Crandell found no violation of the plea agreement. (Crandell, supra, 40 Cal.4th at p. 1309, 57 Cal.Rptr.3d 349, 156 P.3d 364.) The record demonstrated that the parties intended to leave the issue of the fine to the discretion of the court. The trial court advised Crandell he would have to pay a restitution fund fine of a minimum of $200 and a maximum of $10,000. (Ibid.) The court also asked if the People had made “ ‘any other promises' ” beyond the prison term sentence. (Ibid.) The court distinguished Walker, where “the court advised the defendant only that the ‘ “maximum penalties provided by law” ’ for his offense included ‘ “a fine of up to $10,000” ’ and obtained no assurance that the parties intended their plea bargain to leave the amount of the restitution fine to the court's discretion.” (Crandell, supra, at p. 1310, 57 Cal.Rptr.3d 349, 156 P.3d 364, quoting Walker, supra, 54 Cal.3d at pp. 1018-1019, 1 Cal.Rptr.2d 902, 819 P.2d 861.) While Walker could reasonably have understood that no substantial fine would be imposed, Crandell could not because he was told that he would pay restitution. (Crandell, supra, at p. 1310, 57 Cal.Rptr.3d 349, 156 P.3d 364.)
With Walker and Crandell in mind, we turn to Villalobos's contentions. He argues that the court's advisement as to the consequences of his plea was insufficient. That is, the court should have admonished Villalobos of the statutory minimum $200 and maximum $10,000 restitution fine as one of the consequences of his plea. We agree (see Walker, supra, 54 Cal.3d at pp. 1020-1022, 1 Cal.Rptr.2d 902, 819 P.2d 861), but the omission does not entitle him to a remedy, as he concedes. The claim of error was forfeited when Villalobos failed to object before sentencing.
Villalobos also contends that the imposition of the two $4,000 fines violated the plea agreement. As a remedy, he asks for a reduction of both to the statutory minimum of $200. His self-described “bottom line” argument is that, because the fines were not mentioned in the plea bargain, their imposition violated the agreement. We disagree. The important question is whether the parties actually negotiated and settled upon the issue or left it to the discretion of the court. (Crandell, supra, 40 Cal.4th at p. 1309, 57 Cal.Rptr.3d 349, 156 P.3d 364.) As we explain, the fines were left to the discretion of the court.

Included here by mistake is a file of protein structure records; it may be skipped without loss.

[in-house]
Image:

As a preliminary matter, it is worth pointing out that, if the trial court had given Villalobos a section 1192.5 advisement, the issue he now raises on appeal would have been waived by his failure to object. (Walker, supra, 54 Cal.3d at p. 1026, 1 Cal.Rptr.2d 902, 819 P.2d 861.) Because there was no advisement, the issue can be raised for the first time on appeal. (Id. at p. 1025, 1 Cal.Rptr.2d 902, 819 P.2d 861.)
Neither fine violated the bargain. Nothing in the record indicates that the parties bargained or agreed on any terms regarding fines. To the contrary, the record supports the conclusion that there was no such bargaining or agreement. Asked to state the terms of the plea, the People only mentioned the prison sentence. Neither party spoke up to clarify any portion of the agreement. Neither party claimed the People had omitted provisions of the bargain. Villalobos did not claim that the fines recommended in the probation report conflicted with the terms of the agreement. Furthermore, the court expressly asked Villalobos, “Other than what I have told you regarding the consequences of your plea, has anyone threatened you or promised you anything today to enter into this plea.” Villalobos responded, “No.” In addition, the court asked Villalobos if he “under[stood] that as a result of your plea, you may be required to pay restitution.” Villalobos responded, “Yes, ma'am.”